(5)
To actualize the economic strategy of "deeply cultivating Taiwan while reaching out to the world," the Government will draw on the global operational experience of the private sector, both local and foreign, and formulate policy plans for state-owned enterprises to set up overseas operations or engage in global investment. In addition, the Government will also take proactive measures to attract foreign capital and talents so that foreign corporations would invest or set up branch offices in Taiwan--such measures will expedite the internationalization of local industries and help Taiwan respond effectively to globalization.

(6)
In order to reduce military tension across the Taiwan Strait and to promote military reform, efforts have been made to accelerate the process of transforming our forces into a small but high-quality professional armed forces and strengthen our self-defense capabilities. In addition, the Ministry of National Defense has completed the plans to reduce compulsory military service term to 18 months, starting 1 July next year. If the plans to recruit voluntary forces turned out well, we could further reduce the compulsory service term to 12 months and achieve a force reduction of 100,000 troops by the end of 2008. 

(7) 
For humanitarian reasons and in compliance with international norms, we believe that no weapons of mass destruction--such as nuclear, biological, and chemical weapons--should be used in the Taiwan Strait. Our government hereby offers its assurance that we will never develop such weapons of mass destruction. Meanwhile, we urge the People's Republic of China to openly renounce the development and use of weapons of mass destruction.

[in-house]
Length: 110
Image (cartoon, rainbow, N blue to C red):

(8)
To prevent accidents that result from misjudgment, we propose that both sides work together to establish military buffer zones. Military aircrafts and ships of both sides should not enter these zones unless absolutely necessary and with advance notifications to the other side.

(9)
There are precedents of communication mechanisms between opposing sides of military standoffs--such as North and South Koreas, India and Pakistan. We propose that both sides draw experience from the 1972 Incidents at Sea Agreements between the United States and the USSR, and the 1998 Military Maritime Consultative Agreement (MMCA) between the United States and the People’s Republic of China, and establish "Taiwan Strait consultation mechanism" for military security. Through this mechanism, the "Code of Conduct across the Taiwan Strait" can be developed successively.

(10)
Stability of the Taiwan Strait should be placed above the interests of each political party and individual. Cross-strait peace and development are the earnest hopes of the people of Taiwan. Only when Taiwan is domestically united and politically stable can we engender most favorable conditions for advancing cross-Strait relations. After the legislative election at the end of this year, my administration will make every effort, with utmost sincerity, to invite opposition parties and representatives from various sectors of the society to participate in the establishment of a "Committee for Cross-Strait Peace and Development". And we will not exclude the possibility of having a leader from the opposition parties to assume its chairmanship. By so doing, we hope to galvanize consensus among all political parties and all our people to jointly put together an enduring set of "Guidelines for Cross-Strait Peace and Development," and actively foster a new cross-strait relationship of peace, stability, prosperity and sustainable development.

【Source: Office of the President】